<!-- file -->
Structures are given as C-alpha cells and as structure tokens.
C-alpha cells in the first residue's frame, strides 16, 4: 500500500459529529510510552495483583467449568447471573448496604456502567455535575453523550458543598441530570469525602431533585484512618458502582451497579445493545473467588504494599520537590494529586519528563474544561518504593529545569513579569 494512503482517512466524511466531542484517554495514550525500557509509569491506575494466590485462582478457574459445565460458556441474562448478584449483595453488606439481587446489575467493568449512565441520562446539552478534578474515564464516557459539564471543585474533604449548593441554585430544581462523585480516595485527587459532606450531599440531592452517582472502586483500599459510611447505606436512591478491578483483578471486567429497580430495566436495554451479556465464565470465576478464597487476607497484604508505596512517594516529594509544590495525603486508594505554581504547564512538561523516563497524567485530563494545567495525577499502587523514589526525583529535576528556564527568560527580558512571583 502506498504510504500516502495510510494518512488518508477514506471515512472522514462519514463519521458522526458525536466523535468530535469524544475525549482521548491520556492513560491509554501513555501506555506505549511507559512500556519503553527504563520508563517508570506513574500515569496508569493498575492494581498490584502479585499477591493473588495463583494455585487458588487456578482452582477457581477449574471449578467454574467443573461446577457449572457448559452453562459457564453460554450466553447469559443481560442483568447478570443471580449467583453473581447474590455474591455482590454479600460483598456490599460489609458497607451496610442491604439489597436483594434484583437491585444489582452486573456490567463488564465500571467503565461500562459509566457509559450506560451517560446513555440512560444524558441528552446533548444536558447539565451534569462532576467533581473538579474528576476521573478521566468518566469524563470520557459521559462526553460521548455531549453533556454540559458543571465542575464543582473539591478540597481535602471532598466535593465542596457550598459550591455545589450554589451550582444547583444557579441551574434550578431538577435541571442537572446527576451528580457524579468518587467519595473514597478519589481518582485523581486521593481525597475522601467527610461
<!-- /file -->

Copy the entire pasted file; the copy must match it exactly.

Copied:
Structures are given as C-alpha cells and as structure tokens.
C-alpha cells in the first residue's frame, strides 16, 4: 500500500459529529510510552495483583467449568447471573448496604456502567455535575453523550458543598441530570469525602431533585484512618458502582451497579445493545473467588504494599520537590494529586519528563474544561518504593529545569513579569 494512503482517512466524511466531542484517554495514550525500557509509569491506575494466590485462582478457574459445565460458556441474562448478584449483595453488606439481587446489575467493568449512565441520562446539552478534578474515564464516557459539564471543585474533604449548593441554585430544581462523585480516595485527587459532606450531599440531592452517582472502586483500599459510611447505606436512591478491578483483578471486567429497580430495566436495554451479556465464565470465576478464597487476607497484604508505596512517594516529594509544590495525603486508594505554581504547564512538561523516563497524567485530563494545567495525577499502587523514589526525583529535576528556564527568560527580558512571583 502506498504510504500516502495510510494518512488518508477514506471515512472522514462519514463519521458522526458525536466523535468530535469524544475525549482521548491520556492513560491509554501513555501506555506505549511507559512500556519503553527504563520508563517508570506513574500515569496508569493498575492494581498490584502479585499477591493473588495463583494455585487458588487456578482452582477457581477449574471449578467454574467443573461446577457449572457448559452453562459457564453460554450466553447469559443481560442483568447478570443471580449467583453473581447474590455474591455482590454479600460483598456490599460489609458497607451496610442491604439489597436483594434484583437491585444489582452486573456490567463488564465500571467503565461500562459509566457509559450506560451517560446513555440512560444524558441528552446533548444536558447539565451534569462532576467533581473538579474528576476521573478521566468518566469524563470520557459521559462526553460521548455531549453533556454540559458543571465542575464543582473539591478540597481535602471532598466535593465542596457550598459550591455545589450554589451550582444547583444557579441551574434550578431538577435541571442537572446527576451528580457524579468518587467519595473514597478519589481518582485523581486521593481525597475522601467527610461